1 year agoGreat beerI can't say enough about the quality of the products. Northern brewer kits are easy to follow and produce very high quality beer. This is my second kit and it tastes great.January 11, 2017DecentI made this a year ago. Just decided to crack one open and it prompted this review. It's decent, the extract kit turned out really sweet with a 2 step 2 liter starter. Attenuation was high, really sweet for a tripel and didn't carb well for two months. Even moved them next to my fireplace in the winter. No carb for two months. So,,,almost a year later it is less sweet, carbed, and decently authentic flavor profile. Not bad, but I expected after 6 months it would have been drinkable. Not quite.June 27, 2016A Great Kitthis is my second time for Belgian Tripel and most of first brew was consumed by several friends and myself over a week. easy to brew and has a great taste. Can't wait for this brew to be ready to drink.....June 20, 2016excellentExcellent experience as usual. Ordered the kit and paid a little extra to have is expedited shipping and everything was here within a couple days, right in time on schedule. Liquid Yeast arrived in a cooler pouch alive and kicking and worked great.May 26, 2016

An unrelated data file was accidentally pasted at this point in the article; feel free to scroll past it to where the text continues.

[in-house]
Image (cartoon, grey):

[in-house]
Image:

- Browse 16 questions Browse 16 questions and 25 answersIs it necessary to add yeast prior to bottling to help with carbonation? Is so, what strain is recommended and how much is necessary for a 5 gallon batch?BEST ANSWER: There should be enough leftover yeast from fermentation to carbonate the bottles. It will need the extra sugar that comes with the kit to kickstart the yeast again. Follow the instructions that came with your kit and it should explain everything for you.What size yeast starter is suggested for the Belgian Tripel? I'm planning to use Wyeast 3787 & Fast Pitch.BEST ANSWER: I would typically recommend a 2 liter starter (or two cans of fastpitch) for a Belgian Tripel.
Gabe from NBDo you need caged bottles for this beer or just regular capped ones? How about flip top? Recommendations?BEST ANSWER: Whatever caps works best for you and your operation. I use standard caps when I bottle. I used them for this kit and they worked just fineAfter reading Brew Like A Monk, it seems the trapping breweries all seem ferment around 10 days then just condition in bottles. Why do you guys always recommend such long secondaries for all the belgian brews instead of just bottle conditioning?